-and-mortar renovation of it's flagship store in new york city. it's also investing in technology to beef up it's online presence. "n.b.r.'s" ruben ramirez caught up with macy's c.e.o. terry lundgren in new york this morning and began by asking him how sales are going. both in store and on-line. >> they're both growing and that's the good news for us and while the online business has been spectacular for macy's for several years, we really look at the consumer as an omnichannel consumer. so she comes in, she does her research on her phone. she decides what store she wants to shop. what items she wants to shop for. maybe going back to her desk and pulling the trigger there. so i think that's what happening today. so the line between online and physical stores is blurred. >> reporter: the past several years consumers have opened their wallets around the holidays but come january it seemed that that optimism faded. what are you expecting come january 2013? >> we've had 11 consecutive quarters of consistent growth of sales and earnings at macy's inc. we've found the formula. a lot of retailers depend on jan
's side, it will just be so much easier. so we're looking at like payment. >> reporter: in new york city, sabrina norrie and kelli space have an idea of their own, called zero bound. if students are struggling to pay debt in dollars, why not pay it through community service? they're still raising money, but once it's up and running, the company will help borrowers get donations in exchange for volunteer work. >> i thought, there's got to be a way we can get creative about this. and being involved in volunteer work, i thought, lets see if we can invest that education of students and alumni back into the community through volunteering. >> reporter: innovations like these have the support of the federal government, in a report last month, the consumer financial protection bureau said if they work, private businesses could play an important role in helping student borrowers pay down their debts. sylvia hall, "n.b.r.," washington. >> susie: for many people the holidays are typically a time to make charitable contributions. americans gave $200 billion to non-profits last year, and half of that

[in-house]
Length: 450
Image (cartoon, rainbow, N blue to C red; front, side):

: that and more tonight on nbr! >> susie: federal reserve chairman ben bernanke came to new york city today to send a tough message back to washington-- get your act together. he urged lawmakers and the white house to reach a quick deal to avoid the fiscal cliff, saying it might mean next year could be "a very good one for the economy." ben bernanke didn't endorse any specific tax or spending policies to solve the fiscal cliff, but he urged lawmakers to think creatively. he said an agreement on ways to reduce long-term federal budget deficits could remove road blocks to growth. on the other hand, going over the cliff might mean a recession. on top of that, worries about a deal were already causing trouble. > uncertainty about how the fiscal cliff, the raising of the debt limit, and the longer-term budget situation will be addressed appears already to be affecting private spending and investment decisions, and may be contributing to an increased sense of caution in financial markets. >> susie: wall street and business leaders were pleased that bernanke was talking tough. and they said the fe
to fill 'er up. >> reporter: here in new york city, the long lines and gas rationing are finally gone, but there's more good news. like the rest of the nation, gas is actually cheaper now than before superstorm sandy. a month ago, superstorm sandy shut down refineries in the northeast, delayed oil shipments and left many gasoline stations without power. in some hard hit areas, prices spiked more than ten cents a gallon. but now, the situation has drastically improved here and around the country. regular unleaded costs an average of $3.42 nationwide. that's 12 cents below where it was a month ago. but drivers are still paying about 12 cents more for gas today than a year ago. a big reason is escalating middle east tensions. >> anytime you have that kind of conflict in the middle east, whether it's the israelis or the egyptians, the syrians, it really the disruption of flow, you know. any time you get a problem in the gulf, it's really going to hinder oil prices. >> reporter: if the recent cease-fire between hamas and israel in the gaza strip holds, many thi prices at the pump will drif
Search Results 0 to 6 of about 7